Consciousness and Liquid Crystals
Consciousness is probably related to the liquid crystalline physical state of animal brains.
“In this scheme of things consciousness is an emergent property of the liquid crystal, which need be no more mysterious than the ‘wateryness’ of water or the ‘colour’ associated with a wavelength.”
— R. K. Mishra, “The ‘Mind’ — Brain Relation: A Physical Analogy” (1965)
∘ States of Matter
∘ Universality and Aesthetics
∘ Learning and Knowledge
∘ Fluidity, Disorder, Dynamism and Learning in Idioms
∘ Solidness, Order, Stasis and Knowledge in Idioms
∘ Works Cited
States of Matter
The liquid crystallinity, ordered fluidity and dynamic stasis of living matter and especially brains is evident in the way other parts of the local universe exist exclusively in either fluid or frozen states and can therefore only freeze or melt, respectively, while life and brains can participate in both transitions. There’s a range of environmental temperatures at which we don’t melt into a dynamic, chaotic fluid or freeze into a motionless, geometric solid, and this goes for the brain more so than the body. Heating or stimulating a brain beyond some point must produce more molecular motion, disorder and overall fluidity than those at which it can operate, resulting in unconsciousness and then death. Cooling the brain must involve relative molecular stasis, order, overall solidness, unconsciousness and death again.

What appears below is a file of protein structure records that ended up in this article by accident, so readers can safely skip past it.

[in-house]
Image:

Another way to think about bodies and material states is to imagine taking bodies apart and laying out the pieces in a line according to how solid or fluid they are. On the far right, say, would be blood, tears, saliva, bone marrow, aqueous humor, spinal fluid and so on. On the far left would be bones, nails, scales, spines, horns, shells and teeth. Nonliving material, aside from that derived from life, is either more solid or more fluid than anything in the line and would fall at the left and right extremes.